This is why mobile will drive HTML5 adoption. The iPhone, Google Android, Nokia, and the Palm Pre are all based on the open source Webkit browser engine. Those phones represent somewhere around 65% of smart phones sold.

(Note: it is too earlier to find estimates the percentage of Q2 smart phone sales. A lot changed in Q2 which is why older market share breakdowns are not as useful.)

The two major platforms not using Webkit are Windows Mobile and Blackberry. Some of the capabilities of HTML5 are available to Windows Mobile users via the Google Gears plugin.

It also remains to be seen if Microsoft will have a viable mobile strategy. At the moment, it doesn’t look good for the future of this platform as HTC, which is currently responsible for 80% of Windows Mobile sales, is rumored to expect Android to comprise 50% of the units it ships in 2010.

Therefore, the real barrier to HTML5 adoption is RIM’s Blackberry platform.

Blackberry has its own specialized browser not built on any of the major browser engines. It only recently started handling html, css and javascript reasonably well, but still is insufficient and buggy compared to other browsers.

Fortunately, for both Windows Mobile and Blackberry, Opera’s browser is both available and popular. It is consistently one of the top if not the top download on mobile applications sites. And Opera is one of the leading developers of HTML5.

Finally, if you look past mobile phones to other mobile devices like the iPod Touch, Nokia’s internet devices, and the upcoming Google Chrome, you see that Webkit is even more broadly distributed.

Webkit Does Not Equal HTML5 Support… Yet

To be clear, just because a device uses webkit does not mean that it has the latest version of Webkit and can use HTML5. Recognizing the market share of Webkit is important solely as an indicator that a significant portion of smart phones will have access to HTML5 sometime in the near future.

There is great incentive for mobile operating system vendors to upgrade to the latest versions of Webkit. They see the success that the iPhone has had and the fact that one of the main contributors to that success was the browsing experience. They understand that not many companies can afford to develop native applications for all of the various platforms which makes the features of HTML5 attractive.

Because of this, I expect browser improvements to be a high priority for mobile operating systems.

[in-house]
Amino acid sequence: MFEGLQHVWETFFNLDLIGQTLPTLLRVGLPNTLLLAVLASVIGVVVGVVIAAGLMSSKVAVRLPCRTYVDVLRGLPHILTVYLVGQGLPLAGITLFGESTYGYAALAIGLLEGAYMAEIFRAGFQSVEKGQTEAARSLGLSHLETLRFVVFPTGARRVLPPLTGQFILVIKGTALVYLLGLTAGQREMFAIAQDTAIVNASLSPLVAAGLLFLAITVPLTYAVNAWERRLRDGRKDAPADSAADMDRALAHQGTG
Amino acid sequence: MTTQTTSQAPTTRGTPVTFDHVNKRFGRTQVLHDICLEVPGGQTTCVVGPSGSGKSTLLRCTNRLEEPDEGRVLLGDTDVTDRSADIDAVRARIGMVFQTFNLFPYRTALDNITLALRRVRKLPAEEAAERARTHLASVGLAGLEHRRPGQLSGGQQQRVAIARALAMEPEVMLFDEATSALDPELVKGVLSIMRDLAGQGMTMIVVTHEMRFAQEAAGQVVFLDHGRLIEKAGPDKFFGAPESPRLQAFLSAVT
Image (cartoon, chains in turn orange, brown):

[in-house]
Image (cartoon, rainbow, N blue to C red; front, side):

The Pressing Need for HTML5 is More Features

HTML5 needs to move past simply providing geolocation and offline storage and into more of the device characteristics. The Palm Pre’s WebOS has had to forge forward in defining its own APIs for accessing things like the address book, camera, and accelerometer.

I had an opportunity to ask Michael Abbott, Palm’s Senior Vice President responsible for WebOS, about the use of standards for mobile devices characteristics. His response was that they used standards where they could, but that there were no standards for much of what they wanted to do.

This problem is only going to continue to become more pressing. People are clamoring to develop mobile applications that take full advantage of the the capabilities of devices.

Smart Phones Do Not Equal All Phones

It is important to note that while HTML5 will be very important for smart phones, it won’t reach feature phones for sometime. Therefore, content publishers should continue to work with device databases for content adaptation.

Again, web application developers can make different choices and tradeoffs than content publishers. If you are building an application that combines cameras with geolocation information, you’ve already narrowed which handsets you support.

Features will Drive HTML5 Adoption

Remember how easy it was to convince people to move from HTML working drafts to HTML 3.2? Now compare that to the education process necessary to convince people to convert to XHTML.

Part of the difference is due to the times, but a large part of it was due to the fact that you could do things in HTML3.2 that you couldn’t do in previous versions.

That’s not to say that recent web standards like XHTML haven’t provided new features, but that none of the new features were game changers. GeoLocation is a feature that can create businesses. The same is true of access to other device characteristics.

For this reason, web developers who start looking at mobile development will not shy away from building using HTML5 even if it limits their audience.

The Mobile Perspective on HTML5

From a mobile perspective—and perhaps from the perspective of web applications generally—HTML5 cannot come quickly enough.

As Vic Gundotra, Google Engineering vice president and developer evangelist, recently pointed out, not many companies are rich enough to develop native applications for all mobile platforms.

The mobile web provides are the best hope for building a cross-device mobile ecosystem. HTML5 is a critical piece for the mobile web.